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Google paid Samsung billions for Play Store and Search monopoly: Epic trial

$8 billion over 4 years was apparently paid to Samsung to keep Search, Play Store, and Assistant as default services.

Published onNovember 14, 2023

samsung galaxy s23 ultra google apps
Ryan Haines / Android Authority
  • Google apparently paid Samsung $8 billion over four years to keep Search, Assistant, and Play Store as default services on its phones.
  • Documents reveal Google also wanted the Galaxy Store to be available through the Play Store at one point.

The ongoing Google vs. Epic trial has brought out another interesting piece of information. As per testimony presented by Epic Games (via Bloomberg), Google paid Samsung $8 billion over a period of four years to keep Search, Assistant, and Play Store as default services on Samsung phones.

When questioned by Epic’s lawyers on Monday, James Kolotouros, Vice President for Partnerships at Google, said that Google struck deals with Android phone makers to ensure their devices were pre-loaded with the Google Play Store. Kolotouros testimony further revealed that Samsung’s phones and other devices account for half or more of the entire Google Play Store revenue.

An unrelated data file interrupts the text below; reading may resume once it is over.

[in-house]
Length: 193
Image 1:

In 2019, Google reportedly ran an initiative called “Project Banyan.” Under it, the company invested funds so the Google Play Store could remain on Samsung devices alongside the Galaxy Store. The company even offered to pay $200 million over four years to Samsung to make the Galaxy Store available within the Play Store, complete with its billing system. However, those plans were later scrapped, and Google reportedly signed three deals worth $8 billion with Samsung.

One internal document also shows how Google saved $ 1 billion over four years by backtracking on its request to make Play Store the only app store shown on the home screen of Samsung devices. However, as per Kolotouros, Google and Samsung never agreed to bar Samsung from putting its Galaxy store on the home screen of its devices.

Epic is trying to show that Google discouraged third-party app stores on Android devices by paying device makers to pre-install and make the Google Play Store the default app downloading destination. Google has been striking such deals for a long time, and they are also under scrutiny in a separate anti-trust suit brought on by the Department of Justice.

Meanwhile, Google’s lawyers presented an internal 2019 email from Jamie Rosenberg, the former lead for Google Play and Android operations, saying his team was “halting” Project Banyan as “it created an incentive dynamic where store teams would be competing with each other.”

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